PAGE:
My sister who’d gone through the thing a year earlier told me, “Just make up stuff.  Say you stole twice, lied 3 times.  You’ll have to say ten Hail Marys and an Our Father and then you can get out of there.”  I was thrilled with this elegant solution, but I was also a fairly serious kid and realized that in following my sister’s advice, I would be lying to a priest thereby compounding whatever sins I was not fessing up to in the first place.  Doing this, I realized, would have severe consequences for my immortal soul.

But in the end I took the easy way out and did as advised.  My penance was 10 Hail Marys and an Our Father.

I was pretty sure I was damned from an early age; and if not damned, destined to spend a long fucking time in Purgatory.

Some religions have Purgatory, others do not.  The Holy Roman Catholic Church definitely does and in those days it was one of 4 places you could go after you died.  The first and most highly prized was of course, Heaven.  Heaven was all clouds and holy songs and whatever you wanted as long as it was consistent with pictures on the ceiling of the Sistine Chapel.  Also, you got to sit at the right hand of God.  This sounded boring as hell to me— there’s nothing little kids hate more than having to sit still for more than 5 minutes-- but Heaven was certainly the best of the alternatives.  Another was Limbo, which is where unbaptized babies went.  I spent many an hour wondering if there was any way I could become un-baptized and get into Limbo.  Sure, it sounded boring but if they sent little babies there how bad could it be?  They weren’t going to put thumbscrews to little babies, were they?  Limbo was so ill-defined that the Church eventually cancelled it.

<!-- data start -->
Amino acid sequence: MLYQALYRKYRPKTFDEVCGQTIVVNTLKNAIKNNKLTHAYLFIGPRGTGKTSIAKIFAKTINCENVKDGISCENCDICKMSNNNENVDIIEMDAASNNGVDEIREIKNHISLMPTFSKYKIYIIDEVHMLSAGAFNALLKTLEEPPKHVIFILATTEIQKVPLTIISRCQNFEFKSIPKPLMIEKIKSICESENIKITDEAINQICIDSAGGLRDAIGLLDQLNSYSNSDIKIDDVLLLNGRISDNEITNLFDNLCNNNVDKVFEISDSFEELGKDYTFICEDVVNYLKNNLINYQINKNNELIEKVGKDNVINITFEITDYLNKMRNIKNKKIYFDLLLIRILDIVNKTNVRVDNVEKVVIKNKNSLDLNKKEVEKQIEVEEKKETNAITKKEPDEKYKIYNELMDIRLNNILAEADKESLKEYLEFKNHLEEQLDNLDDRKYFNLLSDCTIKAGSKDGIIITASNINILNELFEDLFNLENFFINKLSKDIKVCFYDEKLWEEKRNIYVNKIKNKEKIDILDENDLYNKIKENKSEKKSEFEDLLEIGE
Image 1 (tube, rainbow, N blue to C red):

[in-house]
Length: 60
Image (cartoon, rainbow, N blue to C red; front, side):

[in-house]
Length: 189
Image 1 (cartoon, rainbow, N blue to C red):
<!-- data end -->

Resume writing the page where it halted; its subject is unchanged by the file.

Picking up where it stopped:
Then came Purgatory.  Purgatory was exactly like Hell, only it didn’t last for all eternity.  Eventually you could work off your unconfessed sins and ascend into Heaven.  It was all a very complicated business because God’s time isn’t like Earth time.  When you’re dead you’re not on Earth anymore; and since there’s no planet going around the Sun regulating the days, months, and years, time spent in Purgatory could be weeks, months, or millions of years.  The good news was you could and would get out at some point.  And it was LOTS better than going to Hell.

Hell was the worst.  Supposedly run by The Devil, but clearly an extension of God’s agenda since He’s all knowing and all powerful, Hell was eternal suffering.  In Hell, you could be thrown into a pit of hot lava, burned to death, re-made whole all over again, the process repeating and this could go on forever.  This was one of the better scenarios.  Demons might peel your skin off strip by strip then throw you into a volcano of hot lava and acid, or you might be chopped up into tiny pieces, reassembled then chopped up all over again and roasted on spits; all of this after having had your eyes gouged out with a hot poker.  (In Hell, obviously, most things have to do with heat.)

These torments, as described by various part-time catechism teachers in astoundingly graphic detail, were all part of teaching little children to walk the straight and narrow.

I’m a big girl now, have been for many years and while I read scholarly books by enlightened Jesuits along with various modernists trying to explain that God is Love, or all-encompassing compassion, He is neither to me.  I’ve come to understand that within myself, the word “God” defines a terrifying and angry entity worse than any Halloween goblin could ever be, with a book full of arbitrary rules penned in almost indecipherable English that I was supposed to memorize and follow under threat of eternal damnation.

I guess this is why I embrace Tibetan Buddhism now.  Buddhism requires no God and of course having no God, it’s not really a religion but a way of life.  When asked about his beliefs once, the Dalai Lama said, “my religion is kindness.”

Kindness I can get with.


No comments: